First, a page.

The program, launched in 2016, is part of the NBA's strategy to develop local players in a basketball-obsessed market that has made NBA China a $5 billion enterprise. Most of the former employees spoke on the condition of anonymity because they feared damaging their chances for future employment. NBA officials asked current and former employees not to speak with ESPN for this story. In an email to one former coach, a public relations official added: "Please don't mention that you have been advised by the NBA not to respond."

    One American coach who worked for the NBA in China described the project as "a sweat camp for athletes."

    At least two coaches left their positions in response to what they believed was mistreatment of young players.

    Yao Ming, who retired in 2011.

    Tatum said the league sought advice from Yao and other experts in China on the development of its academy program. He also said NBA China's board of directors was briefed on the planning and placement of the three academies, including Xinjiang, adding that ESPN holds a seat on the board. An ESPN spokesperson said the network "is a non-voting board observer and owns a small stake" in NBA China, declining any further comment. (Games are streamed in China by internet giant Tencent, which also has a partnership with ESPN.)

    Launching the academies had a primary goal for NBA bosses: "Find another Yao," according to two of the former employees who spoke with ESPN.

    When Silver announced the plan to open three league-run academies in China in 2016, he said the goal was to train elite athletes "holistically."

    "Top international prospects will benefit from a complete approach to player development that combines NBA-quality coaching, training and competition with academics and personal development," Silver said.

    prepared to resume play in Florida, it began to face new questions about its relationship with China. Sen. Marsha Blackburn, R-Tenn., and Sen. Josh Hawley, R-Mo., sent separate letters to Silver questioning why the NBA is promoting social justice at home while ignoring China's abuses. The letters came shortly after China announced a new national security law in Hong Kong that gives authorities sweeping powers to crack down on pro-Democracy protesters. Sen. Ted Cruz, R-Texas, also recently sparred on Twitter with Mavericks owner Mark Cuban over China.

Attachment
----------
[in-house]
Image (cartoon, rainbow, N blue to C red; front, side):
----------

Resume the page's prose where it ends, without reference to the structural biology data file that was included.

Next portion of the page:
Hawley's letter challenged the NBA for excluding messages supporting human rights in China among statements that players can wear on their jerseys. The approved messages are limited to social justice and the Black Lives Matter movement.

    "Given the NBA's troubled history of excusing and apologizing for the brutal repression of the Chinese Communist regime, these omissions are striking," Hawley wrote in the letter, which was sent to media members.

    One recipient, ESPN reporter Adrian Wojnarowski, replied with a profanity, which Hawley then tweeted out to his 235,000 followers. ESPN and Wojnarowski issued separate apologies, and the reporter was suspended for two weeks without pay.

    IN XINJIANG, THE NBA opened an academy in a region notorious for human rights abuses.

    In recent years, the Chinese government has escalated its use of high-tech surveillance, restricted freedom of movement and erected mass internment facilities, which the government describes as vocational training centers and critics describe as concentration camps holding ethnic minorities, particularly Uighur Muslims. The government says the policy is necessary to combat terrorism. In September, the United States joined more than 30 countries in condemning "China's horrific campaign of repression" against the Uighurs. Reports of separatist violence and Chinese government repression in Xinjiang go back decades.